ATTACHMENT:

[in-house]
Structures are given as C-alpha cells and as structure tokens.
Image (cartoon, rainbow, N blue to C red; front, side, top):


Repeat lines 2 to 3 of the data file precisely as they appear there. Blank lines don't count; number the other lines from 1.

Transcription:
Structures are given as C-alpha cells and as structure tokens.
Image (cartoon, rainbow, N blue to C red; front, side, top):